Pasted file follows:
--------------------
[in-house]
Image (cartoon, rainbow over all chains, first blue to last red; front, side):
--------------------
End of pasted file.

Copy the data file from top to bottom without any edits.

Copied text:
[in-house]
Image (cartoon, rainbow over all chains, first blue to last red; front, side):